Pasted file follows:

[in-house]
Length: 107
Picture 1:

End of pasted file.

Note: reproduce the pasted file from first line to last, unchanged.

[in-house]
Length: 107
Picture 1: